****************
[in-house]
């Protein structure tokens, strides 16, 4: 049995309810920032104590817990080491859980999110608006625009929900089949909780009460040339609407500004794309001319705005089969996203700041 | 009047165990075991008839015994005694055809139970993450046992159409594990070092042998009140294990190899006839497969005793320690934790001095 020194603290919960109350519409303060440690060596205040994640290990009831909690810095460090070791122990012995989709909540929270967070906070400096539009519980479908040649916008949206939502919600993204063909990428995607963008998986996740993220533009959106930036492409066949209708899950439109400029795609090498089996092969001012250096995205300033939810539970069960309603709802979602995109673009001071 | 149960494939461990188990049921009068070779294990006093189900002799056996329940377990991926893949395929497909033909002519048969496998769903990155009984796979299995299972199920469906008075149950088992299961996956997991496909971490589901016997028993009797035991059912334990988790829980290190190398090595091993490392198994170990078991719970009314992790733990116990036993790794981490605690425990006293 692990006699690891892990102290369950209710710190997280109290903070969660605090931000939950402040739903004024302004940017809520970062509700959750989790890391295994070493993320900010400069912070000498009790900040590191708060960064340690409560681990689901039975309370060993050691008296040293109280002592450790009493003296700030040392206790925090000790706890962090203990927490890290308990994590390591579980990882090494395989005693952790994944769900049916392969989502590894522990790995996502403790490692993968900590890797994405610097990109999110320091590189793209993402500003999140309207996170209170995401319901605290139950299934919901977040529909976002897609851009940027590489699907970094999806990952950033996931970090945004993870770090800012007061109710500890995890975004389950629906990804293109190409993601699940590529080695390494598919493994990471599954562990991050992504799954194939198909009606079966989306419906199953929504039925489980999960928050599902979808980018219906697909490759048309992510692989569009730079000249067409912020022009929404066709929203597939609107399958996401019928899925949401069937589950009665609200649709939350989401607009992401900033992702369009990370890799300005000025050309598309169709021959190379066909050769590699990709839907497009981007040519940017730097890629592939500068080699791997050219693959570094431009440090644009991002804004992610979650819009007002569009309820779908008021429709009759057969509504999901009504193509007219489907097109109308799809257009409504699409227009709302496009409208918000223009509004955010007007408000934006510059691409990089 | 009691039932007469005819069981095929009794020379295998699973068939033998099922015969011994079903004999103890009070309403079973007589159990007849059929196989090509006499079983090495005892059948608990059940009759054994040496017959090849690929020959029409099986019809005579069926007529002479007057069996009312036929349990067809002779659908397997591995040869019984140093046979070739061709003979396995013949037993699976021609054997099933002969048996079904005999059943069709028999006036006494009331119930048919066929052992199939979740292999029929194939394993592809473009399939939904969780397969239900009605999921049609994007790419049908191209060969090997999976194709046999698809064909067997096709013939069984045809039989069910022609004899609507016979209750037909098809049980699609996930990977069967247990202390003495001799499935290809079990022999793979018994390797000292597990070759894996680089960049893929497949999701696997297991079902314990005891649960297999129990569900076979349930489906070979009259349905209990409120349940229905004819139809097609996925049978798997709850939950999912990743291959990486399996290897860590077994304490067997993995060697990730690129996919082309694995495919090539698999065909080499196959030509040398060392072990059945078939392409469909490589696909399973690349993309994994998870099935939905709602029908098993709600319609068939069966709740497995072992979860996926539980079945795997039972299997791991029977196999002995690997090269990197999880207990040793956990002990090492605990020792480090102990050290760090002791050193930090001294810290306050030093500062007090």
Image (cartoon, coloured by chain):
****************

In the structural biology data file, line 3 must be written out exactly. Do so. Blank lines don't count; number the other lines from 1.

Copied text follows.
Image (cartoon, coloured by chain):